The Story Behind the Grand Pink Opera House in the Amazon 

Your Guide to the World's Hidden Wonders
Jan. 14 2014 8:30 AM

Teatro Amazonas: The Dramatic Story of an Unlikely Opera House

Atlas Obscura on Slate is a blog about the world's hidden wonders. Like us on Facebook, Tumblr, or follow us on Twitter @atlasobscura.

Flush with cash due to the thriving rubber export business, Brazil's plantation barons were looking for conspicuous ways to spend their money at the end of the 19th century. Building a grand opera house in the middle of the rainforest was the obvious choice.

Construction on the neo-classical style Teatro Amazonas (Amazon Theatre) began in Manaus in 1884. Sparing no expense, the barons imported artists, designers and materials from across Europe. Roofing came from Alsace, furniture from Paris, marble from Italy, and steel from England. On the outside of the building, the dome was covered with 36,000 decorated ceramic tiles painted in the colors of the Brazilian national flag. The inside was decorated by Italian painter Domenico de Angelis.


The first performance, featuring Italian tenor Enrico Caruso, took place on January 7, 1897. Some say that entire opera house was built just to lure him to this remote corner of the world, so that the rich rubber barons of Manaus could hear him sing.

With the invention of synthetic rubber in 1909, Manaus lost its main source of income. The wealthy left town, and the opera house closed down, staying silent until director Werner Herzog used it as a shooting location for his 1982 film Fitzcarraldo. The movie tells the story of Brian Sweeney "Fitzcarraldo" Fitzgerald, a rubber baron in Peru who dreams of building an opera house in Iquitos. The only land available to him is blocked by a treacherous set of rapids, but this is no deterrant to Fitzcarraldo. His plan is to sail a steamer filled with building materials up the river, then drag it over the hillside to its intended destination. An important detail: the ship weighs 320 tons.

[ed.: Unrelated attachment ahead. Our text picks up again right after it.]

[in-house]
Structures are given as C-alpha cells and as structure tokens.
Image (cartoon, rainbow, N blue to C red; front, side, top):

Production of the film was plagued with difficulties, chiefly caused by Herzog's decision to move an actual 320-ton steamship over a hill for the sake of authenticity. The role of Fitzcarraldo was originally played by Jason Robards, but he was forced to abandon the project after contracting dysentery. Replacement actor Klaus Kinski was prone to fits of violent rage, prompting a local extra to volunteer to murder him. (Herzog declined the offer because Kinski still had scenes left to film.)

Excepting its cameo in Fitzcarraldo, there wasn't a single performance in Teatro Amazonas for 90 years. However, in 2001 the new populist government of the province determined that the city needed high-quality operas, orchestras and ballets, and allocated funds to pay top wages to the best musicians from Eastern Europe. The plan worked: Teatro Amazonas is now the home of the 54-member Amazonas Philharmonic Orchestra as well as an annual film festival.

Other theatres with lively backstories:

View Praça São Sebastião in a larger map



The Democrats’ War at Home

How can the president’s party defend itself from the president’s foreign policy blunders?

Congress’ Public Shaming of the Secret Service Was Political Grandstanding at Its Best

Michigan’s Tradition of Football “Toughness” Needs to Go—Starting With Coach Hoke

A Plentiful, Renewable Resource That America Keeps Overlooking

Animal manure.

Windows 8 Was So Bad That Microsoft Will Skip Straight to Windows 10


Cringing. Ducking. Mumbling.

How GOP candidates react whenever someone brings up reproductive rights or gay marriage.

Building a Better Workplace

You Deserve a Pre-cation

The smartest job perk you’ve never heard of.

Hasbro Is Cracking Down on Scrabble Players Who Turn Its Official Word List Into Popular Apps

The Ludicrous Claims You’ll Hear at This Company’s “Egg Freezing Parties”

  News & Politics
Sept. 30 2014 9:33 PM Political Theater With a Purpose Darrell Issa’s public shaming of the head of the Secret Service was congressional grandstanding at its best.
Oct. 1 2014 8:34 AM Going Private To undertake a massively ambitious energy project, you don’t need the government anymore.
The Vault
Oct. 1 2014 10:49 AM James Meredith, Determined to Enroll at Ole Miss, Declares His Purpose in a 1961 Letter
  Double X
The XX Factor
Sept. 30 2014 12:34 PM Parents, Get Your Teenage Daughters the IUD
  Slate Plus
Behind the Scenes
Oct. 1 2014 10:54 AM “I Need a Pair of Pants That Won’t Bore Me to Death” Troy Patterson talks about looking sharp, flat-top fades, and being Slate’s Gentleman Scholar.
Brow Beat
Oct. 1 2014 10:44 AM Everyone’s Favorite Bob’s Burgers Character Gets a Remix You Can Dance to
Future Tense
Oct. 1 2014 10:27 AM 3,000 French Scientists Are Marching to Demand More Research Funding
  Health & Science
Bad Astronomy
Oct. 1 2014 7:30 AM Say Hello to Our Quasi-Moon, 2014 OL339
Sports Nut
Sept. 30 2014 5:54 PM Goodbye, Tough Guy It’s time for Michigan to fire its toughness-obsessed coach, Brady Hoke.